At first glance, it would appear that ours is a world designed for extroverts. Where extroverts have the clear upper hand, with their ability to stroll into a crowd of complete strangers and start chatting and networking with ease. While the poor introverts look on with a mixture of envy and resentment.
While it may seem like the extrovert is more valued in society, historically, it is the introvert who has always been seen as the more mature, deep-thinking and gifted individual. Epictetus, the stoic Greek philosopher, famously observed that, as we have two ears but only one tongue, we should spend twice as much time listening as talking.
As recently as the early nineteenth century Romantic period, restraint and reticence were regarded as great human virtues. Outside the Western world, this is often still the case. In many Asian cultures, extrovert behavior is seen as rude; it is much more socially acceptable to be introverted.
Why introverts are appreciated by employers
According to Gillian Rankin, a business psychologist at ML Consulting, while extroverts are seen as people who perform better in the workplace, particularly in group situations, many employers appreciate the way introverts do business. “Extroverts are ready to verbalize and talk their thoughts”, she says. “In fact, they may get halfway through and say, ‘Oh, but that isn’t true at all, is it?’ Introverts think before they speak, and develop their ideas quietly, by reflection. This means they tend to be good listeners and have a depth of concentration.”
And introverts don’t like being interrupted until work is ﬁnished because it causes them to abandon focus or thought on the current project. In fact, introverts will actually screen phone calls and let calls go to voicemail so they can return them later when they have the time and energy to dedicate to the conversation. On the other hand, many extroverts secretly enjoy being interrupted by colleagues and friends after working on one thing for an extended period of time because it breaks the silence and dispels boredom.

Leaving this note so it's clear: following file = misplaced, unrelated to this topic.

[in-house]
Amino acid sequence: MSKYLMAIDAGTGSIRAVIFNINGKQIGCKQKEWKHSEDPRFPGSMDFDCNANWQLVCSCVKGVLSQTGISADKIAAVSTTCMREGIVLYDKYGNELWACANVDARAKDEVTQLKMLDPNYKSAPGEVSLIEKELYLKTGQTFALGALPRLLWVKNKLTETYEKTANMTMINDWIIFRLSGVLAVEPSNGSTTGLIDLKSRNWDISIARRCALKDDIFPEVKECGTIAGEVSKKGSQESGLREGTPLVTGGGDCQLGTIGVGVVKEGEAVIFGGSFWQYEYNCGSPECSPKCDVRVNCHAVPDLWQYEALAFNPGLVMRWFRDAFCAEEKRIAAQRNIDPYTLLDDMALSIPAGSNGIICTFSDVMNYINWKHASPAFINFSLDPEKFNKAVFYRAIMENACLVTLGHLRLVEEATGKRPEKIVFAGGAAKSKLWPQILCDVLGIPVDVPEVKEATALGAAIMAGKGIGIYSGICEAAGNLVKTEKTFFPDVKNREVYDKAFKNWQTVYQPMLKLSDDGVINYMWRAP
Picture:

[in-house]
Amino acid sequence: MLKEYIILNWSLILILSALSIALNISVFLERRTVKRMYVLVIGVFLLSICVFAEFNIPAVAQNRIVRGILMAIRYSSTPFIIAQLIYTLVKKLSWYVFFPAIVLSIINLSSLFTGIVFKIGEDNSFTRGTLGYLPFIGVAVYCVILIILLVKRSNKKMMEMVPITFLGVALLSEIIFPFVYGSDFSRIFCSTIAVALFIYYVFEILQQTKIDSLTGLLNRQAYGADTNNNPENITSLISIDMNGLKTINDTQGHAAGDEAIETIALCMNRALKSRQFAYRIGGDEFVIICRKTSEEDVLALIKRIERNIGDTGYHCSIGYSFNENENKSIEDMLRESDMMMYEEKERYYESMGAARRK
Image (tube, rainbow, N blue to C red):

Five advantages of being an introvert in the workplace
1. Introverts are great listeners
Introverts are more comfortable listening than holding court within a conversation, and are more thoughtful about what they say and often use the responses of their conversational partners to influence their input. This can be highly beneficial in the workplace, as introverts have the ability to absorb knowledge and insight from those around them and use it to advance their careers.
2. Introverts are empathetic employees
In general, introverts possess an extremely high level of self-awareness and are very sensitive to the needs of those around them. This is unusual – and highly desirable – in the workplace, where so many are preoccupied with their own issues and the desire to further their own careers.
3. Introverts are self-reflective and excellent at self-correction
Introverts take their mistakes seriously once they’ve been highlighted and commit themselves to correcting them. Given that making mistakes is an inescapable element of being human, the natural outlook of an introvert is that of a conscientious and thoughtful being with great integrity.
4. Introverts enjoy deeper and more meaningful professional connections
In our digital age, professional networks are b by real-time chats and simple “Click to find more connections” links. While this enables extroverts to build vast (but sometimes vacuous) networks,
introverts crave the kind of in-depth and meaningful connection that fosters genuine understanding. This can actually be beneficial to introverts in the contemporary workplace, where intimate relationships based on knowledge and trust stand out while driving greater levels of collaboration.
5. Introverts make considered rather than impulsive decisions Everyone has to make decisions
in their professional lives, whether they’re leaders or not. While introverts are often criticized for over-analyzing things, what they’re really doing is forming well thought-out and informed decisions that have been considered from multiple angles. The capacity of introverts to contemplate every aspect of a decision can benefit businesses, as it helps to avoid the type of impulsive mistake that can have a disastrous effect on a company’s image or even its bottom line.